- Companion or Assistance Animal – Companion and assistance animals are a product of federal and state laws regarding housing and are defined as animals that help a person with a disability alleviate one or more symptoms of their disability while in their home. This can include a dog that barks when the doorbell rings to assist a person who has a hearing impairment or a cat that provides a person with bipolar disorder a reason to get up in the morning, take her medicine and go to work. Only people with disabilities are entitled to have companion animals and even then, companion animals are only allowed in a person’s home. Business owners and other places of public accommodation are not required to allow companion or assistance animals into their businesses. https://disabilitylawco.org/issues/category/service-assistance-animals
Service animals are working animals, not pets. The work or task a dog has been trained to provide must be directly related to the person’s disability. Dogs whose sole function is to provide comfort or emotional support do not qualify as service animals under the ADA. https://www.ada.gov/service_animals_2010.htm
Tacks was also a Psychiatirc Emotional Support Dog.
Sometimes there is a very fine-line between those definitions of service dog and companion. I can’t answer that question for you.
Of course, Tacks was an emotional support who forced David to get out of the apartment to be around people every day in addition to being a service dog who performed task related to David’s disabilities. But the emotional support was not a task he performed that made him a full right SERVICE DOG. The emotional support was very complimentaray to this man who was struggling with his new diagnosis and long standing diagnosis of anxiety. Tacks the Service Dog did so many things to help my son live a quality life.
How do you get a service dog?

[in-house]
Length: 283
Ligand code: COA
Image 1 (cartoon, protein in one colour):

I was prompted to write this post after meeting people in public who ask, “How do you get a service dog?”
Depending on the nature of the need it may cost $20,000 to get a specially trained dog for a person with viual impairment or a seizure disorder.
Sometimes dogs may be trained locally by agencies or by prison programs.
For my son we got on waiting list after long waiting list. When he was came up on a list we had to turn it down only beccasue I had no way of transporting him a long distance with power wheelchair. If it were easy then I would need to rent hospital bed and buy bulky supplies for a 6 week stay in a hotel while he was being trained with his new service dog…remember a service dog is trained specifically for the specifc needs of a disabled person…don’t be wishing for a disablity so you can take your pet dog anywhere. Having a service dog is ton of responcibility.
I don’t have the funds to do that for him ,altho it would be worth it. so, we opted to train a service dog our selves with help. Amber just graduated from Puppy class at Pet Smart ( another blog) along with otehr folks pet dogs. Puppy Class 101 was fun socialization but did not make her a service dog. We have a lot more work to do until she is about 2 year old.
Training this second service dog ourselves I get the opportunity to do a lot of education on Service Dogs. Since this is a blog I have the opportunity to share some very important links to help clear up the fact that there are far too folks slapping on a vest and telling business owner that they have “Service Dog” when they really don’t have anything other than a loyal pet..
“When a business owner observes a patron who does not have an obvious disability or need for a service animal bring a dog (or miniature horse) into the business, the business owner can ask two questions: (1) Is the dog required because of your disability? and (2) What task does it perform? The person with a service animal cannot be asked any other questions, such as what their disability is, nor can they be asked to show the dog performing the task. Business owners should keep in mind that many disabilities are hidden disabilities and though the need for the dog may not be obvious, that does not mean that it is not a service dog…” Click Link below to read the informative article by By Alison Daniels, Esq. and Emily Harvey, Esq.
Setting Boundaries: do NOT pet the Service Dog
We now have a patio on a the neighborhood courtyard with lot of friendly kids who want to play with our puppy. Dogs are not allowed, except for service dogs. And even then we had to fill out Reasonable Accomodation forms.